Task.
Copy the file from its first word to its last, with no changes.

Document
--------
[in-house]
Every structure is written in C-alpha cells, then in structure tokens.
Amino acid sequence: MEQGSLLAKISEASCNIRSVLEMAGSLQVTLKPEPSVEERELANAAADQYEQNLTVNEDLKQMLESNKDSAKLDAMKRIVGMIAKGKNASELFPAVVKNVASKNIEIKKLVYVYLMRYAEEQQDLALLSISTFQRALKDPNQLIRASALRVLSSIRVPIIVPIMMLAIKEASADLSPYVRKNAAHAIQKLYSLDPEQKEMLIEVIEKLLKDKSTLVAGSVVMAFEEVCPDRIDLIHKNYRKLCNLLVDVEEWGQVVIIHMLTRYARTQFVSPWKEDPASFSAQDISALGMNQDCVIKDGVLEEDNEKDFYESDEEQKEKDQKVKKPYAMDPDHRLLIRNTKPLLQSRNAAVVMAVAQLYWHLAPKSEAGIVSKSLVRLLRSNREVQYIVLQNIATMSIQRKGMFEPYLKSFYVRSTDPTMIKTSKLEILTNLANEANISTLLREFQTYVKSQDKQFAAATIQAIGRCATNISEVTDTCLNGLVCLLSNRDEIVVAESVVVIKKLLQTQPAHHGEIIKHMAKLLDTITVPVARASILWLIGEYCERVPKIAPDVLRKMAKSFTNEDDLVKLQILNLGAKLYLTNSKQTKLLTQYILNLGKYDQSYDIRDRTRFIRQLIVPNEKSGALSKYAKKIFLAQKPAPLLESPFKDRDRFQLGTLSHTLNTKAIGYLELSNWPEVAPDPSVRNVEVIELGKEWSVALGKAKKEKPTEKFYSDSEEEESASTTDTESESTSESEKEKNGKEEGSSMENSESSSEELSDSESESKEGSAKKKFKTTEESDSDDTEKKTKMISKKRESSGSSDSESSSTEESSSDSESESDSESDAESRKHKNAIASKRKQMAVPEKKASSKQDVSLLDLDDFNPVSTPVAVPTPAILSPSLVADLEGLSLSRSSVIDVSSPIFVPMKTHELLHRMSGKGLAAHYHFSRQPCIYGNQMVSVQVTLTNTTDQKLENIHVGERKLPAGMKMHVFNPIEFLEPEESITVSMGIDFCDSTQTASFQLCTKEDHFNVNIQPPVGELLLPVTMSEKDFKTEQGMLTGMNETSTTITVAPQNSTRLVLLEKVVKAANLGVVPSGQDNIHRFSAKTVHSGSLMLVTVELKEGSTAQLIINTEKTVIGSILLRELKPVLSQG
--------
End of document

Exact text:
[in-house]
Every structure is written in C-alpha cells, then in structure tokens.
Amino acid sequence: MEQGSLLAKISEASCNIRSVLEMAGSLQVTLKPEPSVEERELANAAADQYEQNLTVNEDLKQMLESNKDSAKLDAMKRIVGMIAKGKNASELFPAVVKNVASKNIEIKKLVYVYLMRYAEEQQDLALLSISTFQRALKDPNQLIRASALRVLSSIRVPIIVPIMMLAIKEASADLSPYVRKNAAHAIQKLYSLDPEQKEMLIEVIEKLLKDKSTLVAGSVVMAFEEVCPDRIDLIHKNYRKLCNLLVDVEEWGQVVIIHMLTRYARTQFVSPWKEDPASFSAQDISALGMNQDCVIKDGVLEEDNEKDFYESDEEQKEKDQKVKKPYAMDPDHRLLIRNTKPLLQSRNAAVVMAVAQLYWHLAPKSEAGIVSKSLVRLLRSNREVQYIVLQNIATMSIQRKGMFEPYLKSFYVRSTDPTMIKTSKLEILTNLANEANISTLLREFQTYVKSQDKQFAAATIQAIGRCATNISEVTDTCLNGLVCLLSNRDEIVVAESVVVIKKLLQTQPAHHGEIIKHMAKLLDTITVPVARASILWLIGEYCERVPKIAPDVLRKMAKSFTNEDDLVKLQILNLGAKLYLTNSKQTKLLTQYILNLGKYDQSYDIRDRTRFIRQLIVPNEKSGALSKYAKKIFLAQKPAPLLESPFKDRDRFQLGTLSHTLNTKAIGYLELSNWPEVAPDPSVRNVEVIELGKEWSVALGKAKKEKPTEKFYSDSEEEESASTTDTESESTSESEKEKNGKEEGSSMENSESSSEELSDSESESKEGSAKKKFKTTEESDSDDTEKKTKMISKKRESSGSSDSESSSTEESSSDSESESDSESDAESRKHKNAIASKRKQMAVPEKKASSKQDVSLLDLDDFNPVSTPVAVPTPAILSPSLVADLEGLSLSRSSVIDVSSPIFVPMKTHELLHRMSGKGLAAHYHFSRQPCIYGNQMVSVQVTLTNTTDQKLENIHVGERKLPAGMKMHVFNPIEFLEPEESITVSMGIDFCDSTQTASFQLCTKEDHFNVNIQPPVGELLLPVTMSEKDFKTEQGMLTGMNETSTTITVAPQNSTRLVLLEKVVKAANLGVVPSGQDNIHRFSAKTVHSGSLMLVTVELKEGSTAQLIINTEKTVIGSILLRELKPVLSQG